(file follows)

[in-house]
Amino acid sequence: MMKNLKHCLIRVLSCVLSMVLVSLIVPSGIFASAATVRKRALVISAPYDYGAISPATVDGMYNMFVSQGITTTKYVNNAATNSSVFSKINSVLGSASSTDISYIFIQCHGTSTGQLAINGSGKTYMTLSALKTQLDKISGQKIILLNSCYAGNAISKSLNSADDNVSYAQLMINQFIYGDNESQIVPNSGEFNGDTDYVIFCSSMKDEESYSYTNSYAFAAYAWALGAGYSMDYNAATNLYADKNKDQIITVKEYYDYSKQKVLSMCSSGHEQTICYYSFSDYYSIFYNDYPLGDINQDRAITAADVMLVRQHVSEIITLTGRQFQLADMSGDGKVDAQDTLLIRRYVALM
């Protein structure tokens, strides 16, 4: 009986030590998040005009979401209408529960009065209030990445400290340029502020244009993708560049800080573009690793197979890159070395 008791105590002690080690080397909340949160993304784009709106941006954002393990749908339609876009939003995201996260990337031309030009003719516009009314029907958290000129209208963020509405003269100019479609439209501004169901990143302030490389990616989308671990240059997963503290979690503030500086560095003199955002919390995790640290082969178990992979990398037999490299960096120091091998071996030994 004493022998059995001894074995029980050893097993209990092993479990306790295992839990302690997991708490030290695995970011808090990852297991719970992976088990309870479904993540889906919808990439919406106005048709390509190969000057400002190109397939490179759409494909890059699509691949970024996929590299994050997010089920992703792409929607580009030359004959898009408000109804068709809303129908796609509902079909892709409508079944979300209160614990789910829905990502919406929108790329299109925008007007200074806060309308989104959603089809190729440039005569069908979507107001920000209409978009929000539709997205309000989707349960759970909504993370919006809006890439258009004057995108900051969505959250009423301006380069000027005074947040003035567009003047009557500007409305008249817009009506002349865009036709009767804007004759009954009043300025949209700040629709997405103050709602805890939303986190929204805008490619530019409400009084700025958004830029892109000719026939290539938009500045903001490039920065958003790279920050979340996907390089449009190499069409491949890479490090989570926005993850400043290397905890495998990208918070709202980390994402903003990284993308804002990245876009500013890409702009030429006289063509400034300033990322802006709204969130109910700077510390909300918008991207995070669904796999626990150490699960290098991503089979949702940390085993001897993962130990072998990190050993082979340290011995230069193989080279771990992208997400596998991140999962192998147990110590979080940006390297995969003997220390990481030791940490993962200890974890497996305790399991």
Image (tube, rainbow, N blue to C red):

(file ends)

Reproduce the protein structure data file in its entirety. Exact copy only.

[in-house]
Amino acid sequence: MMKNLKHCLIRVLSCVLSMVLVSLIVPSGIFASAATVRKRALVISAPYDYGAISPATVDGMYNMFVSQGITTTKYVNNAATNSSVFSKINSVLGSASSTDISYIFIQCHGTSTGQLAINGSGKTYMTLSALKTQLDKISGQKIILLNSCYAGNAISKSLNSADDNVSYAQLMINQFIYGDNESQIVPNSGEFNGDTDYVIFCSSMKDEESYSYTNSYAFAAYAWALGAGYSMDYNAATNLYADKNKDQIITVKEYYDYSKQKVLSMCSSGHEQTICYYSFSDYYSIFYNDYPLGDINQDRAITAADVMLVRQHVSEIITLTGRQFQLADMSGDGKVDAQDTLLIRRYVALM
């Protein structure tokens, strides 16, 4: 009986030590998040005009979401209408529960009065209030990445400290340029502020244009993708560049800080573009690793197979890159070395 008791105590002690080690080397909340949160993304784009709106941006954002393990749908339609876009939003995201996260990337031309030009003719516009009314029907958290000129209208963020509405003269100019479609439209501004169901990143302030490389990616989308671990240059997963503290979690503030500086560095003199955002919390995790640290082969178990992979990398037999490299960096120091091998071996030994 004493022998059995001894074995029980050893097993209990092993479990306790295992839990302690997991708490030290695995970011808090990852297991719970992976088990309870479904993540889906919808990439919406106005048709390509190969000057400002190109397939490179759409494909890059699509691949970024996929590299994050997010089920992703792409929607580009030359004959898009408000109804068709809303129908796609509902079909892709409508079944979300209160614990789910829905990502919406929108790329299109925008007007200074806060309308989104959603089809190729440039005569069908979507107001920000209409978009929000539709997205309000989707349960759970909504993370919006809006890439258009004057995108900051969505959250009423301006380069000027005074947040003035567009003047009557500007409305008249817009009506002349865009036709009767804007004759009954009043300025949209700040629709997405103050709602805890939303986190929204805008490619530019409400009084700025958004830029892109000719026939290539938009500045903001490039920065958003790279920050979340996907390089449009190499069409491949890479490090989570926005993850400043290397905890495998990208918070709202980390994402903003990284993308804002990245876009500013890409702009030429006289063509400034300033990322802006709204969130109910700077510390909300918008991207995070669904796999626990150490699960290098991503089979949702940390085993001897993962130990072998990190050993082979340290011995230069193989080279771990992208997400596998991140999962192998147990110590979080940006390297995969003997220390990481030791940490993962200890974890497996305790399991």
Image (tube, rainbow, N blue to C red):